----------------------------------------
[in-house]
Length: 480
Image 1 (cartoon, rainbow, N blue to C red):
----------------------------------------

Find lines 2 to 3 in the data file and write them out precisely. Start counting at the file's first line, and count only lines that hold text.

Length: 480
Image 1 (cartoon, rainbow, N blue to C red):